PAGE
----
Silicon Valley giants settle lawsuit over hiring
Four major Silicon Valley companies, including Apple and Google, settled a high-profile suit over charges that they conspired not to hire one another’s workers, according to a court filing. Technology employees filed a class-action lawsuit in 2011 against Apple, Google, Intel and Adobe, saying the tech companies violated federal antitrust laws by conspiring for several years to suppress the pay of employees by agreeing to not poach employees from one another. Terms of the settlement were not disclosed, but the plaintiffs had argued that the lost wages added up to $3 billion. Three smaller settlements with other defendants, including Lucasfilm, Pixar and Intuit, were reached last year for $20 million.
Initial jobless claims surge because of holiday
The number of people seeking U.S. unemployment benefits surged 24,000 to a seasonally adjusted 329,000 last week, though the gain likely reflected temporary layoffs in the week before Easter. The Labor Department said that the four-week average of applications, a less volatile number, rose 4,750 to 316,750. The four-week average fell two weeks ago to its lowest level since October 2007, two months before the recession began. Applications can be volatile around Easter, because many school systems temporarily lay off bus drivers, cafeteria workers and other employees during spring break. Some of those workers file for unemployment benefits. Despite the volatility, applications for unemployment benefits have generally declined in recent months, a hopeful sign for the job market.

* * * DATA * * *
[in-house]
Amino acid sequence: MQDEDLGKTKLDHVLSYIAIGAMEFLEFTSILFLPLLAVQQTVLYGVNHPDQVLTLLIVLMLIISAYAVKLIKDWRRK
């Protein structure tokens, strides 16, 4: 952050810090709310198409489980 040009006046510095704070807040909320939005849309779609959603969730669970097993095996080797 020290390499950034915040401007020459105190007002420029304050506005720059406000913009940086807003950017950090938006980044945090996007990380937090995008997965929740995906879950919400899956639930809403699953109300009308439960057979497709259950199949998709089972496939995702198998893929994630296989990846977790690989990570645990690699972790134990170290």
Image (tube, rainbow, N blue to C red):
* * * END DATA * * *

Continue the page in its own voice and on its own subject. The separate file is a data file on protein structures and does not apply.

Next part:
Zimmer to acquire Biomet in $13 billion deal
Zimmer Holdings agreed to acquire Biomet Inc. in a cash-and-stock deal valued at $13.35 billion, including debt. It will bring together two providers of orthopedic, surgical and dental products. The deal, which has been approved by the boards of both companies, comes amid a wave of health care and pharmaceutical deals. This week, Novartis and GlaxoSmithKline announced $20 billion in deals, and Valeant made a $45 billion hostile takeover bid for Allergan. It is also the latest successful exit for private equity. In 2007, Biomet was acquired for $11.3 billion by Blackstone, Goldman Sachs’s buyout group, Kohlberg Kravis Roberts and TPG Capital.
Ladies’ Home Journal ending home delivery
Meredith Corp. is ending subscription service for Ladies’ Home Journal, one of the nation’s oldest women’s magazines, because of declining advertiser interest. The magazine, launched in 1883, remains popular, with a circulation of 3.2 million, according to Meredith. But with a median reader age of 57, it faces tough competition for advertisers amid a sea of other women’s magazines that appeal to a broader demographic. The magazine’s advertising pages fell nearly 17 percent last year, while ad revenue dropped 14 percent to $152.3 million, according to Publishers Information Bureau data. Meredith spokesman Art Slusark said the magazine’s July edition will be its final issue sent to subscribers. After that, the magazine will go to a quarterly format, available only at newsstands.
FROM NEWS SERVICES